Get a calf and learn to raise a cow, together.

Great question!
 
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My wife and I built up confidence watching Justin Rhodes and Greg Judy consistently for a couple years. Once we were at a place we could finally have cows, we took the plunge and have zero regrets.
Hair sheep are a good way to slowly warm up to cows and learn how to graze, especially if you are trying to learn rotational grazing.
 
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D. Logan wrote:Obviously the best way to learn how to deal with a cow is to get a cow.



I'd disagree with the premise ... its certainly a way, and perhaps the most thorough but I'm not sure its the best!  I'd say borrowing a cow, hanging out with someone with cows to learn how they manage (handle & feed) the beasties.  The closer they are to a) your location and b) your preferred style of management (organic? grass fed? rotating pasture? etc) the better.

I'm deeply regretting that moment 4 years ago when an assortment of people told me that you can get the cows and then "just" build the infrastructure.  That advice was not appropriate for my situation, so make sure you understand your situation, limits, etc.
 
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I got my first cows last year. Here are a couple suggestions for someone to consider before getting a cow.

I do not recommend getting "a cow". They are social animals and don't do well alone. Get at least one more and have a pair or preferably three, or have a cow in with some goats or other social animals. Before bringing cows onto a farm, I suggest having a perimeter fence around your property. I use electric twine and do rotational grazing, and my perimeter fence has saved my bacon more than a few times. Electric twine works and works well, but sometimes a deer touches it and runs through it in the middle of the night and brings it down, allowing the cows to walk out. The perimeter fence was also my saving grace the day I brought my 3 heifers home, as they ran through the electric twine and roamed my farm for nearly two weeks, and thankfully they didn't roam any further and damage my neighbors row crops or do cause some other trouble.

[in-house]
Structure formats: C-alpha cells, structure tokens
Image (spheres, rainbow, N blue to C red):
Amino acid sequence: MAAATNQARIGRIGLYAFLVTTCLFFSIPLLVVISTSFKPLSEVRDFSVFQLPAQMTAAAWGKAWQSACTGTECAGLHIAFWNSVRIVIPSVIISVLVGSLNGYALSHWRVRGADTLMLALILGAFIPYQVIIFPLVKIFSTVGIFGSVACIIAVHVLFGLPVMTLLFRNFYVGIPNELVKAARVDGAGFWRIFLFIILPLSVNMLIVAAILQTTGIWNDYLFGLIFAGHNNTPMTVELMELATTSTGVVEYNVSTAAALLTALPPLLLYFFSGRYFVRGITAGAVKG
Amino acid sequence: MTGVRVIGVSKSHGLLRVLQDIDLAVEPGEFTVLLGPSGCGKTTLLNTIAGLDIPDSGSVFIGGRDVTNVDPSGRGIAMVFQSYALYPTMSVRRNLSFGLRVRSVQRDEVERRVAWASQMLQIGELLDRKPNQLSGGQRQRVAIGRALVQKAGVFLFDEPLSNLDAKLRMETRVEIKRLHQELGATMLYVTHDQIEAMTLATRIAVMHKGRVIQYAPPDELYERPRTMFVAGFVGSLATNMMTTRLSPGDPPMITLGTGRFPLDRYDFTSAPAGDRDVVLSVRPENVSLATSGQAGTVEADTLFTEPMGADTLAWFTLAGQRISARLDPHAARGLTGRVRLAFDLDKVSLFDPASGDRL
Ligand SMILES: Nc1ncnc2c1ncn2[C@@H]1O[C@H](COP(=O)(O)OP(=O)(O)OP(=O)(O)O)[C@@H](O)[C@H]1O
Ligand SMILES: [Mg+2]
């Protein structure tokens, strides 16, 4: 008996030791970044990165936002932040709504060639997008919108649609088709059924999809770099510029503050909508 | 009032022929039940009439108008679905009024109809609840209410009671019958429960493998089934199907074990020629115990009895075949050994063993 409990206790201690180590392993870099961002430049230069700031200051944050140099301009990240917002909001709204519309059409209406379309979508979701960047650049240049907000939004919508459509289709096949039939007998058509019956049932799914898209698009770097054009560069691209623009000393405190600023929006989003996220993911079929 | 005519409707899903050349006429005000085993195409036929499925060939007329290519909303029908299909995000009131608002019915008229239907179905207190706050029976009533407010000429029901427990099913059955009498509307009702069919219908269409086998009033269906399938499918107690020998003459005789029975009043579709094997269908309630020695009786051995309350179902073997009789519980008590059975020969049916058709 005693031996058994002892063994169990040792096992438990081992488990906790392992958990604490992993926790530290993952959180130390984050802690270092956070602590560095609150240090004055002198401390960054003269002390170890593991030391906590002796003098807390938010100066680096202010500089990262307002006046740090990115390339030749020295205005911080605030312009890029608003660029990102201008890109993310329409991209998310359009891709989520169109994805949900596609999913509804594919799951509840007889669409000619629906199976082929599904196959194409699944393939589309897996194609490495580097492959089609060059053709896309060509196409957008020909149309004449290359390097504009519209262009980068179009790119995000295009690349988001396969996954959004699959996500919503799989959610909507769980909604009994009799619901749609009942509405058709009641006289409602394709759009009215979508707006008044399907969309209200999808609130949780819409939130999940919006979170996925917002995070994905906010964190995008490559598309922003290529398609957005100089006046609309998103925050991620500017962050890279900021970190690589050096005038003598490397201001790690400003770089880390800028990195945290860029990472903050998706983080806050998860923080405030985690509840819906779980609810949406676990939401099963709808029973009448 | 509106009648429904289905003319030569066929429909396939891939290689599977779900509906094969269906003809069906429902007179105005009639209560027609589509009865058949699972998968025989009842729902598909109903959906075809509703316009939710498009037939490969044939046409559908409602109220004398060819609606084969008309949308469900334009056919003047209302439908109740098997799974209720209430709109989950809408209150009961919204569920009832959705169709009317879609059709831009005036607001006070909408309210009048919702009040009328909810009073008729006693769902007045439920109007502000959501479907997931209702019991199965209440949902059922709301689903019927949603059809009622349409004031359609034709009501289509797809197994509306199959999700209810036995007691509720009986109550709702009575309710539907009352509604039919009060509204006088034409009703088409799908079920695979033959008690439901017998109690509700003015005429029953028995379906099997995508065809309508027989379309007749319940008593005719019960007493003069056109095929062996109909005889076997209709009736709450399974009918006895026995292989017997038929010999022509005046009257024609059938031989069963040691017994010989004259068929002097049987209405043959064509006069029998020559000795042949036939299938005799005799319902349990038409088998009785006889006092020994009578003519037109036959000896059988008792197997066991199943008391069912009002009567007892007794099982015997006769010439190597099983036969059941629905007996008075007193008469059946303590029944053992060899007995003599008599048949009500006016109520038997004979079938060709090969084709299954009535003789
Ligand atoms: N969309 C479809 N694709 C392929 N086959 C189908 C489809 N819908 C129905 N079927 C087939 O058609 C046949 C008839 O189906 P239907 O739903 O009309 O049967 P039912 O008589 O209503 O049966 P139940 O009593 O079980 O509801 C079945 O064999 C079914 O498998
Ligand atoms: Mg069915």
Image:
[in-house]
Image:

If you plan to use a pond as a drinking water source for cows, I suggest fencing the pond out except for a small triangle going out into the water. This allows them to stand at the bank and take a drink without them going into the pond. If they have free access to a pond, during hot summer days they'll walk out into the water to cool off, and pee & poop in the pond. At a minimum, it results in high parasite load.

I suggest selecting for a gentle breed, buying from a breeder and avoiding the sale barn. Sale barn cows are, usually, there for a reason, and sometimes one of those reasons is their crazy and the farmer doesn't want to deal with them anymore. It's impossible to know what one is getting at a sale barn with examples including but not limited too temperament, inability to breed, ability to breed but no mothering traits and rejects calves, etc. Most breeders do a good job breeding and selecting or culling for traits such as temperament and unassisted calving as examples.

I think the term "miniature" can mean different things to different people. There are technical specifications to define miniature (see chart), but sometimes people call "micro miniature" cattle miniature. Miniatures can calve on their own when bred with other small framed stock. My Murray Grey beef cattle fall in the "mid size miniature" range. Challenges can arise when trying to increase frame size through breeding. One example I'd like to note about miniatures are Jersey's. The original Jersey breed from Jersey Island off the coast of England is a small framed cow falling in the 36"-42" hip height size. Perhaps some of us have seen towering Jerseys on dairy farms, and think those are the standard and the mini's were bred from that. It's the other way around, and the large framed Jersey's were bred over decades for commercial production from the original small stock. Hope this all helps!

 
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James, based on your graphic, do you know which dairy cattle breeds fall into the miniature and micro breeds?